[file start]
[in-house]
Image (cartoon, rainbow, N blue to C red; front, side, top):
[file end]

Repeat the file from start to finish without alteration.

[in-house]
Image (cartoon, rainbow, N blue to C red; front, side, top):